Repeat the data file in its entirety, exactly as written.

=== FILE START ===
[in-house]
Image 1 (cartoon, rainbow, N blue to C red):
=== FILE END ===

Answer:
[in-house]
Image 1 (cartoon, rainbow, N blue to C red):